Frances McDormand introduced household audiences to the term “inclusion rider” during her instantly iconic Oscar acceptance speech this spring. At Wednesday night’s Crystal + Lucy Awards, the “Fargo” and “Three Billboards Outside Ebbing, Missouri” star explained the origins of her very public plea to Hollywood.
“I’m an actor, and a producer, but I have more experience as an actor, and this is one of the reasons why I should not be allowed to improvise,” she told the crowd at the Beverly Hilton for Women in Film, Los Angeles’ annual gala fundraiser. McDormand credited UTA agent Blair Kohan for the reference; two nights before the Academy Awards, the women sat next to each other at a party and the exec asked if the actress had heard of inclusion riders.
“I have been vaguely aware of and completely intrigued by the series of USC Annenberg studies on gender parity in film and television, which were commissioned by Women in Film and the Sundance Institute,” McDormand said. “But I didn’t know that the author of the studies had taken the next step and created an actual working legal tool.”
Cut to the standing ovation she received at the Oscars. “In the excitement of having all those women rise to their feet and stand with me in that room, I got flustered, and I improvised, and I said” — here, she and outgoing Women in Film president Cathy Schulman held up matching red strips of paper that each spelled out “Inclusion Rider” in black letters; McDormand even turned around and stretched her banner across her butt.
“Little did I know. Now I know a lot more. And I’m here tonight to take some responsibility for my actions, and to restate a call to action. If I may use a sporting metaphor: if you want to go fast, go it alone; if you want to go far, do it together … Can we successfully legislate morality? Perhaps not. But we can ask our better selves to go forward together, to take us farther than we have gone before.”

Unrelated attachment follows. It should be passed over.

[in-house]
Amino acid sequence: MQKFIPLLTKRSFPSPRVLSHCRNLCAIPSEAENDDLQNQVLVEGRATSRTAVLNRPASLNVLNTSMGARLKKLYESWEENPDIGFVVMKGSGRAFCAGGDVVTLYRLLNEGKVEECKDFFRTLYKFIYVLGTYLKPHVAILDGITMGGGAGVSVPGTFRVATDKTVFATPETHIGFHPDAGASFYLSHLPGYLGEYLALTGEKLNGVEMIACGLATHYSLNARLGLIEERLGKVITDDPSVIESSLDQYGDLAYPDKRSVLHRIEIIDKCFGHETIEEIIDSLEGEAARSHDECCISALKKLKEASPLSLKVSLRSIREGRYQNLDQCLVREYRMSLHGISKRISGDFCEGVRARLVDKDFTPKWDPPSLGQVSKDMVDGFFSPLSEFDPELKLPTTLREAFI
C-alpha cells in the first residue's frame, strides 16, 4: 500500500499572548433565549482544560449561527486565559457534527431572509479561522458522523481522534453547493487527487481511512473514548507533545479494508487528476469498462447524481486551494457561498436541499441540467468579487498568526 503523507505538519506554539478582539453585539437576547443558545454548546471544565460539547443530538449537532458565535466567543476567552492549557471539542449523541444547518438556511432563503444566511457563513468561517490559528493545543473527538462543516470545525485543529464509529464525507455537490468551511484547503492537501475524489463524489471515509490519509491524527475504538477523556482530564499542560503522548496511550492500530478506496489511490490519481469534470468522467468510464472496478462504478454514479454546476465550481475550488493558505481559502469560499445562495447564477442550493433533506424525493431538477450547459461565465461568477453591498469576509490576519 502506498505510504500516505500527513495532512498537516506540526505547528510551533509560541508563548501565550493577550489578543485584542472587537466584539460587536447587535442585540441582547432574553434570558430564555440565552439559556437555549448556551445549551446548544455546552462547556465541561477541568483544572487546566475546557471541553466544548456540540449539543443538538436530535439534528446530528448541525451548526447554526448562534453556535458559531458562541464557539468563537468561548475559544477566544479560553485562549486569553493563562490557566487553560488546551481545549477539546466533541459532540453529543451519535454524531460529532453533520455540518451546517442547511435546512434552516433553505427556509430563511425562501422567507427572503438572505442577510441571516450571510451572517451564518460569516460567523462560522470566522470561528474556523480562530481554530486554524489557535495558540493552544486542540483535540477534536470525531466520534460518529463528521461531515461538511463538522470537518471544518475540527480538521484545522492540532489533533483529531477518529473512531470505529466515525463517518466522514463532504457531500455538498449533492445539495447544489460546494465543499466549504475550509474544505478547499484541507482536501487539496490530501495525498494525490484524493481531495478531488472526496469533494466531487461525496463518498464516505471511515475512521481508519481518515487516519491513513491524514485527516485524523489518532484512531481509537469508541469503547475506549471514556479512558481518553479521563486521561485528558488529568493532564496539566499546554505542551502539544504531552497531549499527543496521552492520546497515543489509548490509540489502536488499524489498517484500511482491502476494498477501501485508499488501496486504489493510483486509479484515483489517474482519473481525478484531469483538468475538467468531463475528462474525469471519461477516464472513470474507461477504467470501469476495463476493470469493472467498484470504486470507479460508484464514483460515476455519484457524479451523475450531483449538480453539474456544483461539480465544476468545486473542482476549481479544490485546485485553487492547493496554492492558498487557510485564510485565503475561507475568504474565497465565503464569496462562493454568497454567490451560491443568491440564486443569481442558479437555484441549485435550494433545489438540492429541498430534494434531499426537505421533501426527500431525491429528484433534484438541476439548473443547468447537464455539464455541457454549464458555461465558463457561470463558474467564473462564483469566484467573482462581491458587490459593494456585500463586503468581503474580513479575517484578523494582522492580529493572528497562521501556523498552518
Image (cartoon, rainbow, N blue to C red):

On stage, McDormand cued up a video, “45 Years of Advocacy Celebration,” charting the women’s movement during Women in Film’s history, and brought more than 20 female industry pioneers to the stage, including “Mudbound” and “Black Panther” cinematographer Rachel Morrison, “Boys Don’t Cry” director Kimberly Peirce, and Sundance Institute Executive Director Keri Putnam. She also introduced USC Annenberg Inclusion Initiative founder and director Dr. Stacy L. Smith.
McDormand’s remarks began, “Greetings women, women in film, the men who support them, and all of us who identify as other. Other is what I myself was for many of the past 35 years in the industry, although I have managed to build a pretty damn good career on being marginalized.”
She then recounted discovering her feminist awakening, as a 15-year-old in 1972. “Someone told me that the definition of feminism is equal pay for equal work. That seemed like a good idea to me. I was also told that I could have it all, and lo and behold, I did. But many of you haven’t. Many of you haven’t, and we are still feminists, which means that there is still not equal pay for equal work. And that is not okay by me. Tonight we celebrate some extraordinary women who didn’t think it was okay, either. This conversation is decades old, and it is about parity, artistic expression, and inclusion. And I have this feeling, in my gut, that times are changing.”